Fg Moves To Check Anti-Trade Practices, Proposes Bills


The Federal Government has moved to put a stop to the problem of anti-trade practices in the nation’s economy. In furtherance of this, President Goodluck Jonathan today presented two bills to the Federal Executive Council (FEC) meeting.

The bills are the Federal Competition and Consumer Protection Bill 2014 and the Nigeria Postal Commission Bill 2014.

The FEC meeting which only lasted for only 33 minutes was President over by the president.

The Information Minister Labaran Maku who briefed State House correspondents after the meeting,said the bills were necessary to support transformation achievements recorded within the last 10 years.

Maku further argued that the bills will prevent anti-trade and monopolistic practices in the Nigerian economy.

He informed that a committee headed by Vice President Namadi Sambo with relevant ministers has been set up to further look at the bills before they are sent to the National Assembly for consideration.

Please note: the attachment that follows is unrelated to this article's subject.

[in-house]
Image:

“The Nigerian economy has been undergoing fundamental reforms for the past ten years. These reforms have been aimed at achieving a transition from a state-dominated economy, where all the key sector of the economy are dominated by government parastatals to transit into a market-driven economy that opens all sector of economy to private sector competition.”

“Now in the course of these reforms, a number of government agencies and companies have been privatized in the last ten years or have been opened up for competition. The purpose of the reform is to ensure that where government has constituted a clog in the wheel of progress, particularly in key sectors, we opened them up to ensure increased private sector investments.”

“In the course of these reforms, it has become very clear that unless we undertake serious policy legal framework to ensure competition in the economy, what will happen is that the previous monopoly exercised by government companies or parastatals in the key sectors of the economy will simply be repeated by private sector monopoly as people who buy these companies may block further development of the sector unless you have in place a legal framework that regulates competition in the economy”, the minister stressed.

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